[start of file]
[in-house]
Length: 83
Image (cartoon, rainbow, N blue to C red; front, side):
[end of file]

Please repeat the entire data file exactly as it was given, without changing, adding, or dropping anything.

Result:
[in-house]
Length: 83
Image (cartoon, rainbow, N blue to C red; front, side):